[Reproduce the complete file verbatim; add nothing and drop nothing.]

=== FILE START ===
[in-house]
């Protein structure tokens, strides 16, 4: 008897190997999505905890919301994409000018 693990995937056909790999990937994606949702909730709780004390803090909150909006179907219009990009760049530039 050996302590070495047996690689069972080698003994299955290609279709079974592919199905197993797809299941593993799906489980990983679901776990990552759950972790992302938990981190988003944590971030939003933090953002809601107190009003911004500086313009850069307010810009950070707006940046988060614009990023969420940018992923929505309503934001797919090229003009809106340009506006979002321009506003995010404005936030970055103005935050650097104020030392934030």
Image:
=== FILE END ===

[in-house]
């Protein structure tokens, strides 16, 4: 008897190997999505905890919301994409000018 693990995937056909790999990937994606949702909730709780004390803090909150909006179907219009990009760049530039 050996302590070495047996690689069972080698003994299955290609279709079974592919199905197993797809299941593993799906489980990983679901776990990552759950972790992302938990981190988003944590971030939003933090953002809601107190009003911004500086313009850069307010810009950070707006940046988060614009990023969420940018992923929505309503934001797919090229003009809106340009506006979002321009506003995010404005936030970055103005935050650097104020030392934030």
Image: